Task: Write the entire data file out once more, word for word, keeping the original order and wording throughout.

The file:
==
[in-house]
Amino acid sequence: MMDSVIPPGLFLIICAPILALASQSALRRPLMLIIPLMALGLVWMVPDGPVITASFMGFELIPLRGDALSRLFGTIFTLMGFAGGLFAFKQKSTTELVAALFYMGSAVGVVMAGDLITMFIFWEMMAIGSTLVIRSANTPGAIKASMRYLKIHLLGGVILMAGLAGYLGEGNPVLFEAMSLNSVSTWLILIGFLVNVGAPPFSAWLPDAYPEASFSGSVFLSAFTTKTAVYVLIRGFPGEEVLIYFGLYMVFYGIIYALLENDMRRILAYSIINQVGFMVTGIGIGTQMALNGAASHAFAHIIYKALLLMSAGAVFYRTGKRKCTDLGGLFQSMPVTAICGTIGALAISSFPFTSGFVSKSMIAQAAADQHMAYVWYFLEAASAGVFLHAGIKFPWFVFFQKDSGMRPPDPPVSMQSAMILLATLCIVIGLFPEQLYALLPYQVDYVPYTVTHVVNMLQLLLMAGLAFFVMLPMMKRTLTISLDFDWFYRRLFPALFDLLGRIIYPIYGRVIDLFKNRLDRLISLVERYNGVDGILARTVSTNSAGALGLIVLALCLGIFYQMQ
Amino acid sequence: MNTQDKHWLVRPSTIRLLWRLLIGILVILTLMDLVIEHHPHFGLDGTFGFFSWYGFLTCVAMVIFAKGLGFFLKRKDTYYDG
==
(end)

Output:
[in-house]
Amino acid sequence: MMDSVIPPGLFLIICAPILALASQSALRRPLMLIIPLMALGLVWMVPDGPVITASFMGFELIPLRGDALSRLFGTIFTLMGFAGGLFAFKQKSTTELVAALFYMGSAVGVVMAGDLITMFIFWEMMAIGSTLVIRSANTPGAIKASMRYLKIHLLGGVILMAGLAGYLGEGNPVLFEAMSLNSVSTWLILIGFLVNVGAPPFSAWLPDAYPEASFSGSVFLSAFTTKTAVYVLIRGFPGEEVLIYFGLYMVFYGIIYALLENDMRRILAYSIINQVGFMVTGIGIGTQMALNGAASHAFAHIIYKALLLMSAGAVFYRTGKRKCTDLGGLFQSMPVTAICGTIGALAISSFPFTSGFVSKSMIAQAAADQHMAYVWYFLEAASAGVFLHAGIKFPWFVFFQKDSGMRPPDPPVSMQSAMILLATLCIVIGLFPEQLYALLPYQVDYVPYTVTHVVNMLQLLLMAGLAFFVMLPMMKRTLTISLDFDWFYRRLFPALFDLLGRIIYPIYGRVIDLFKNRLDRLISLVERYNGVDGILARTVSTNSAGALGLIVLALCLGIFYQMQ
Amino acid sequence: MNTQDKHWLVRPSTIRLLWRLLIGILVILTLMDLVIEHHPHFGLDGTFGFFSWYGFLTCVAMVIFAKGLGFFLKRKDTYYDG